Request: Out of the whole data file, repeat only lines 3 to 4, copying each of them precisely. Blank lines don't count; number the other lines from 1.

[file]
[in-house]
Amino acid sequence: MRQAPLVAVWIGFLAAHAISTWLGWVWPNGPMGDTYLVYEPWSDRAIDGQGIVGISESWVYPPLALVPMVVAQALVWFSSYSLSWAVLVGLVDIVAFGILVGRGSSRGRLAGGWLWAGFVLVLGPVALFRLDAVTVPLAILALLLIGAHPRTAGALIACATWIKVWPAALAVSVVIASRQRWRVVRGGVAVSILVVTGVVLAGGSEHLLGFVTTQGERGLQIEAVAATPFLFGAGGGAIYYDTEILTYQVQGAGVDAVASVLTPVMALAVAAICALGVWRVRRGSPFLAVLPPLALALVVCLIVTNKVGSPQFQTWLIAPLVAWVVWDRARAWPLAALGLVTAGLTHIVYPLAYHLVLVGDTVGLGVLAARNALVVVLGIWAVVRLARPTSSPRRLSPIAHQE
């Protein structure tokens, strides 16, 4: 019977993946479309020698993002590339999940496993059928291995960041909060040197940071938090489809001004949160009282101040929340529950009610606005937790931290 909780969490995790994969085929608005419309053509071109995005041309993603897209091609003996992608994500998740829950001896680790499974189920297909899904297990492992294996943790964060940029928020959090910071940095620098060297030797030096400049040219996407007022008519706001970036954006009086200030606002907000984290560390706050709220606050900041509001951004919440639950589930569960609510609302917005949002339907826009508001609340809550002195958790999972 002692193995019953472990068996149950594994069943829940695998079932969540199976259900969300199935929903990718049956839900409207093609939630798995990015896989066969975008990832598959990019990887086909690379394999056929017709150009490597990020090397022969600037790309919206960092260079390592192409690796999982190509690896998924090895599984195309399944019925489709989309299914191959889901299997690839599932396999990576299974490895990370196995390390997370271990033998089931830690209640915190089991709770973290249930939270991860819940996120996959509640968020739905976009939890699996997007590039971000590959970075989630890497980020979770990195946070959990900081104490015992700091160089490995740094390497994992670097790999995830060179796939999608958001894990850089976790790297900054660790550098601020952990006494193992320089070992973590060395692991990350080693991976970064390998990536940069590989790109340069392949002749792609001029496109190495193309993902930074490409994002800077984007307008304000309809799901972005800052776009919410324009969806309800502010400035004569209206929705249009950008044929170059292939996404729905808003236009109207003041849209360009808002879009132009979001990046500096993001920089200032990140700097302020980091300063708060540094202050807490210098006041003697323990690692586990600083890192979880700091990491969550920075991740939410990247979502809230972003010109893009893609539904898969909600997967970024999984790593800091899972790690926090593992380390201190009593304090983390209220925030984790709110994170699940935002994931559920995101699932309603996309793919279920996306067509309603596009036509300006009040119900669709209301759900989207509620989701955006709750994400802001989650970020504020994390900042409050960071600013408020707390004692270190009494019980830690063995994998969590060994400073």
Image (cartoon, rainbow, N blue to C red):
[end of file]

């Protein structure tokens, strides 16, 4: 019977993946479309020698993002590339999940496993059928291995960041909060040197940071938090489809001004949160009282101040929340529950009610606005937790931290 909780969490995790994969085929608005419309053509071109995005041309993603897209091609003996992608994500998740829950001896680790499974189920297909899904297990492992294996943790964060940029928020959090910071940095620098060297030797030096400049040219996407007022008519706001970036954006009086200030606002907000984290560390706050709220606050900041509001951004919440639950589930569960609510609302917005949002339907826009508001609340809550002195958790999972 002692193995019953472990068996149950594994069943829940695998079932969540199976259900969300199935929903990718049956839900409207093609939630798995990015896989066969975008990832598959990019990887086909690379394999056929017709150009490597990020090397022969600037790309919206960092260079390592192409690796999982190509690896998924090895599984195309399944019925489709989309299914191959889901299997690839599932396999990576299974490895990370196995390390997370271990033998089931830690209640915190089991709770973290249930939270991860819940996120996959509640968020739905976009939890699996997007590039971000590959970075989630890497980020979770990195946070959990900081104490015992700091160089490995740094390497994992670097790999995830060179796939999608958001894990850089976790790297900054660790550098601020952990006494193992320089070992973590060395692991990350080693991976970064390998990536940069590989790109340069392949002749792609001029496109190495193309993902930074490409994002800077984007307008304000309809799901972005800052776009919410324009969806309800502010400035004569209206929705249009950008044929170059292939996404729905808003236009109207003041849209360009808002879009132009979001990046500096993001920089200032990140700097302020980091300063708060540094202050807490210098006041003697323990690692586990600083890192979880700091990491969550920075991740939410990247979502809230972003010109893009893609539904898969909600997967970024999984790593800091899972790690926090593992380390201190009593304090983390209220925030984790709110994170699940935002994931559920995101699932309603996309793919279920996306067509309603596009036509300006009040119900669709209301759900989207509620989701955006709750994400802001989650970020504020994390900042409050960071600013408020707390004692270190009494019980830690063995994998969590060994400073």
Image (cartoon, rainbow, N blue to C red):